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Randomized Controlled Trial
, 33 (13), 1438-45

Early Versus Delayed Initiation of Concurrent Palliative Oncology Care: Patient Outcomes in the ENABLE III Randomized Controlled Trial

Affiliations
Randomized Controlled Trial

Early Versus Delayed Initiation of Concurrent Palliative Oncology Care: Patient Outcomes in the ENABLE III Randomized Controlled Trial

Marie A Bakitas et al. J Clin Oncol.

Abstract

Purpose: Randomized controlled trials have supported integrated oncology and palliative care (PC); however, optimal timing has not been evaluated. We investigated the effect of early versus delayed PC on quality of life (QOL), symptom impact, mood, 1-year survival, and resource use.

Patients and methods: Between October 2010 and March 2013, 207 patients with advanced cancer at a National Cancer Institute cancer center, a Veterans Affairs Medical Center, and community outreach clinics were randomly assigned to receive an in-person PC consultation, structured PC telehealth nurse coaching sessions (once per week for six sessions), and monthly follow-up either early after enrollment or 3 months later. Outcomes were QOL, symptom impact, mood, 1-year survival, and resource use (hospital/intensive care unit days, emergency room visits, chemotherapy in last 14 days, and death location).

Results: Overall patient-reported outcomes were not statistically significant after enrollment (QOL, P = .34; symptom impact, P = .09; mood, P = .33) or before death (QOL, P = .73; symptom impact, P = .30; mood, P = .82). Kaplan-Meier 1-year survival rates were 63% in the early group and 48% in the delayed group (difference, 15%; P = .038). Relative rates of early to delayed decedents' resource use were similar for hospital days (0.73; 95% CI, 0.41 to 1.27; P = .26), intensive care unit days (0.68; 95% CI, 0.23 to 2.02; P = .49), emergency room visits (0.73; 95% CI, 0.45 to 1.19; P = .21), chemotherapy in last 14 days (1.57; 95% CI, 0.37 to 6.7; P = .27), and home death (27 [54%] v 28 [47%]; P = .60).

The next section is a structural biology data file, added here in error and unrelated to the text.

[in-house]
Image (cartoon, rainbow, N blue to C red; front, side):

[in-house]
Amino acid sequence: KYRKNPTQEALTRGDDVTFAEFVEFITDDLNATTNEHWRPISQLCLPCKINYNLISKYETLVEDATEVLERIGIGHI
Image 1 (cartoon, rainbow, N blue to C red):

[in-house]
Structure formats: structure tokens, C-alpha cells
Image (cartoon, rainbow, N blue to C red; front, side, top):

Conclusion: Early-entry participants' patient-reported outcomes and resource use were not statistically different; however, their survival 1-year after enrollment was improved compared with those who began 3 months later. Understanding the complex mechanisms whereby PC may improve survival remains an important research priority.

Trial registration: ClinicalTrials.gov NCT01245621.

Conflict of interest statement

Authors' disclosures of potential conflicts of interest are found in the article online at www.jco.org. Author contributions are found at the end of this article.

Figures

Fig 1.
Fig 1.
CONSORT diagram: patient recruitment, treatment, and analysis. PCT, palliative care treatment; psych, psychiatric disorder.
Fig 2.
Fig 2.
Kaplan-Meier estimates of 1-year survival by treatment group.
Fig A1.
Fig A1.
Study schema. CYC, Charting Your Course; FCG, family caregiver; PC, palliative care; PT, patient.

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